Anyway, the important point is that I’ll refer to _lazy<F, Args...> has having a generalized type of Lazy(T) to mean that evaluating such a lazy computation yields something of type T, happily disregarding the fact that the actual type of that computation is something else entirely (_lazy<F, Args...>). In other words, I’ll consider the actual type of the lazy computation to be a simple implementation detail. In a similar vein, I’ll say that the pseudo-signature of lazy is:

which means that lazy is a function which takes a function from T to U, and returns a function which takes a T and returns a Lazy(U). Note that I voluntarily ignored the multi-argument case for simplicity.

Laziness as a Functor

Ok; so far, we can create lazy computations and evaluate them. This can be useful on its own, but we would like to develop a richer set of tools for manipulating lazy computations. Being guided by the goal of making Lazy a Comonad, let’s recall the definition of the Comonad type class from the Haskell Control.Comonad package:

class Functor w => Comonad w where
    ...

We see that a Comonad should also be a Functor, so we’ll start by trying to make Lazy a Functor. To do this, we must define a function named transform which has the following pseudo-signature (using generalized types instead of types):

Note: We’re using transform instead of fmap because it’s used in Hana and it’s more familiar to C++ programmers.

Here, Lazy(T) simply represents a lazy computation which returns an object of type T, and T -> U is a function taking a T and giving back a U. Hence, transform should take a lazy computation of type T and a function transforming Ts into Us, and give back a new lazy computation of type U. An obvious way of making this happen is to simply return a new lazy computation doing the composition of the two functions:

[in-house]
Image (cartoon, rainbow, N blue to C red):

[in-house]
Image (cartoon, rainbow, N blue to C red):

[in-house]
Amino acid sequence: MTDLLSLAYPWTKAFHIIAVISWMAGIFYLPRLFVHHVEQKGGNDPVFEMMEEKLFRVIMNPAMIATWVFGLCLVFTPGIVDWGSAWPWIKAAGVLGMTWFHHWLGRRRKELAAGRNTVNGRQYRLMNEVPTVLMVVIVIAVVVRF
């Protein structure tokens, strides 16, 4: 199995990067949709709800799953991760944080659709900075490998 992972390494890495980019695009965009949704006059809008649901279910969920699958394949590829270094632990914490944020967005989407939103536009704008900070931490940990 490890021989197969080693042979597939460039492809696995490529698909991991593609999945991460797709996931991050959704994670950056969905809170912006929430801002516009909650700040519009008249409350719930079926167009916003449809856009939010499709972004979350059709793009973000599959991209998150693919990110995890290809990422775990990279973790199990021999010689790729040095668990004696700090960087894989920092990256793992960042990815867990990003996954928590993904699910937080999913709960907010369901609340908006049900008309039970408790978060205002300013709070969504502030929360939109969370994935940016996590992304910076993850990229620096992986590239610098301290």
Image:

template <typename Computation, typename F>
auto transform(Computation computation, F f) {
    auto eval_f = [=](auto x) { return f(eval(x)); };
    return lazy(eval_f)(computation);
}

First, we create a new function eval_f which takes a lazy computation as an argument and calls the f function with the evaluated result. Then, we lazily apply that eval_f function to our lazy computation. The result is a lazy computation which, when evaluated, will first evaluate the lazy computation and then call f with the result. Also, the types match; if computation is a lazy computation of type T (i.e. a Lazy(T)), and if f is a function of type T -> U, then transform(computation, f) is a lazy computation of type U (i.e. a Lazy(U)). We now have to make sure the laws of Functor are satisfied, i.e.